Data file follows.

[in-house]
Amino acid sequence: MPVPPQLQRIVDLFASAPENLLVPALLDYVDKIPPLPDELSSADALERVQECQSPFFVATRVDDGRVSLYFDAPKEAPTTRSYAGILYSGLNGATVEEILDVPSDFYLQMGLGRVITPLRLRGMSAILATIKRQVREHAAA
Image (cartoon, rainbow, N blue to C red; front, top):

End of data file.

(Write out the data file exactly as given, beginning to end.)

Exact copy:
[in-house]
Amino acid sequence: MPVPPQLQRIVDLFASAPENLLVPALLDYVDKIPPLPDELSSADALERVQECQSPFFVATRVDDGRVSLYFDAPKEAPTTRSYAGILYSGLNGATVEEILDVPSDFYLQMGLGRVITPLRLRGMSAILATIKRQVREHAAA
Image (cartoon, rainbow, N blue to C red; front, top):